A former Glenrothes man is helping veterans and others suffering from Post Traumatic Stress Disorder (PTSD) after going through the “nightmare” himself.
David Cruickshanks (51), a former photographer with the Fife Free Press, has taken on a prominent role in promoting awareness of the condition after suffering the symptoms for years.
And he has been sharing his story with others to encourage them to seek help in the early stages before it becomes more acute.
David, who now runs his own freelance film-making and screen writing business, served in the Royal Navy as a marine engineering mechanic during the Falklands where, at the tender age of 17, he was plunged into a full-scale war for which he was psychologically ill-prepared.
After leaving Glenrothes High School and starting a YTS course David saw an advert looking for recruits for the Navy.
“I thought I would travel the world and have an amazing time,” he said. “My best friend’s dad was in the Navy and I really looked up to him.”
The daily routine was get up, have breakfast, be bombed for eight hours, then have tea.
However the reality didn’t live up to its glamorous image as within the year David found himself 8000 miles from home in the South Atlantic as part of the biggest naval war since the Second World War.
“It was a massive shock to the system for a 17-year-old who just a few years before had been playing with toy soldiers and found himself in the real thing,” he explained.
“I was on stand-by to fight a fire onboard HMS Antelope just half an hour before it was blown up, but luckily the order was counter-manded and, at the time I didn’t give it another thought.
“The daily routine was get up, have breakfast, be bombed for eight hours, then have tea. We just got on and did our job while ships around us were being hit, and it was only many years later that I realised the significance of it.”
His service in the Falklands lasted around six weeks and in the coming years he realised his dream of travelling around the world.
“Nobody spoke about the Falklands and it was as if it didn’t happen,” he said.
After suffering a knee injury, David was discharged from the Navy in 1986, and, ignoring the fact he was suffering from depression, continued with his life.
“During my rehabilitation from the Navy I saw lots of people who were really suffering and I thought there were people a lot worse off than myself, so I just hid it and got on with things,” he said.
He joined the civil service then went to work for the Press as a photographer, which marked a settled period in his life.
“It was the start of a massive recovery for me, although below the surface I was still struggling with my emotions, I was very busy and I went into it whole-heartedly and started feeling a lot better.”
David went on to work for daily newspapers in Glasgow, making a name for himself in some of Scotland’s biggest titles.
“My first sign of PTSD came during a football match I was covering in Glasgow, which I had done for years. I remember the noise of the crowd getting to me and I started feeling really uncomfortable. My heart was pounding and I just though ‘I have to leave now’.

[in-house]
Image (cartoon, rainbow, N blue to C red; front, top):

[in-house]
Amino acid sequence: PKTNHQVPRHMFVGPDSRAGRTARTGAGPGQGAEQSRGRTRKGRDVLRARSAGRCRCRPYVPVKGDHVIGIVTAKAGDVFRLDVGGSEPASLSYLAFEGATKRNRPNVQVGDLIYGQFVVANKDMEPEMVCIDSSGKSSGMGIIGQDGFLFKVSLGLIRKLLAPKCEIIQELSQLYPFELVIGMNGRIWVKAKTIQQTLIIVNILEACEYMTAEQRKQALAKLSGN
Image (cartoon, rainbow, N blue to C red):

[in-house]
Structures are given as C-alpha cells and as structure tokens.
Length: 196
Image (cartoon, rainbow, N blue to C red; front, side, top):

“Afterwards I felt really stupid, but it was the start of a period of behaviour when I felt panicky and irrational in situations where there was no need to be. This was around 1996 – 14 years after my time in the Falklands which matches up with lots of people’s experiences.”
He went on to work as a freelance photographer in London, building a successful career in newspapers and glossy magazines, while still struggling with his emotions.
It took an episode where he had a panic attack and pains down his left arm which left him thinking he was having a heart attack, to make him consult a doctor who diagnosed depression and referred him for cognitive behaviour therapy.
“It was like a huge weight had been lifted from me and gave me the chance to explore why I was behaving the way I did.”
David’s own belief is that his PTSD was not caused by the horrors he went through in the Falklands, but stem from feeling insecure in childhood and an incident of trauma, like those he experienced there, were the catalyst for the feelings to resurface in a more powerful way.
The treatment he received, along with medication, helped him on the road to recovery, and a return trip to the Falklands more than 30 years later also helped him come to terms with what had happened.
“I was used to things being perfect, so when they weren’t I couldn’t cope. My diagnosis allowed me to realise that things can’t always be perfect and that was okay.”
After moving back home, going to college and setting up his own digital media company, he is now using his experience to help others.
He worked with Fife Veterans Association, speaking to others in situations similar to himself, the Royal British Legion Scotland and Fife Cultural Trust on projects to help servicemen and members of the public with mental health and physical problems.
He has also taken part in television and radio shows on the topic and is keen to continue his work.
“If there is anything I can do to help others who find themselves in a situation like I was in and thinking there was no way out, then I’m happy to do it,” he said. “Once diagnosed and with the right help, people can go on to lead full and productive lives.”
For more information contact David on 07710 185011 or visit www.legionscotland.org.uk